Steady rotations in ZS model, (<i>v</i><sub>0</sub>, μ<sub>tot</sub>, α) = (2.5, 0.75π, 0.5) (see also S4 Movie).
2017-11-14T18:47:26Z (GMT) by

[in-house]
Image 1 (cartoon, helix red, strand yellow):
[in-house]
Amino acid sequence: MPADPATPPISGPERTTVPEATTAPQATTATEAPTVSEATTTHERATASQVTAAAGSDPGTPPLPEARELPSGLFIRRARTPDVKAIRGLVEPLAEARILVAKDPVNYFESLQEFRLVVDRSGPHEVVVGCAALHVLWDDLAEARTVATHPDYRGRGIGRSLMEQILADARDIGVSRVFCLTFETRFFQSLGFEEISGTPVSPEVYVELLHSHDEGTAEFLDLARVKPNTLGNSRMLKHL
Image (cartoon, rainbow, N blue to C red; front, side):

<p>(<i>a</i>) Transient distributions of myosin (pseudo-colors) and actin velocities (arrows): <i>t</i> = 2, an initially symmetric cell with centroid at (<i>x</i>, <i>y</i>) = (0,0) self-polarizes and assumes fast unidirectional motility, myosin accumulates in a semi-circular band, pulling the rear inwards to form a ‘dip’; <i>t</i> = 7, the cell slows down and becomes unstable, as myosin is now close enough to cell front to be able to pull it in as well; <i>t</i> = 9, loss of axial symmetry, as the lower part of the cell with steeper myosin gradients is pulled inwards faster than the upper one; <i>t</i> = 23.5: emergence of stable asymmetric myosin distribution and cell shape, as the cell locks in rotations (see <a href="http://www.ploscompbiol.org/article/info:doi/10.1371/journal.pcbi.1005862#pcbi.1005862.g001" target="_blank">Fig 1<i>C</i></a>). (<i>b</i>) Cell shape and boundary velocities in steady rotations. Positions of the cell boundary and centroid at <i>t</i> = 23.5, 23.6, and 24 (solid, dashed, and dotted-dashed contours, respectively, and filled circles with larger size corresponding to later time). Faster boundary velocities (arrows) in the high curvature region, consistent with the location of steep myosin gradients (panel (<i>a</i>)), ensure rotational motility with a circular trajectory of the centroid (dotted arc), see also <a href="http://www.ploscompbiol.org/article/info:doi/10.1371/journal.pcbi.1005862#pcbi.1005862.g001" target="_blank">Fig 1<i>C</i></a>.</p>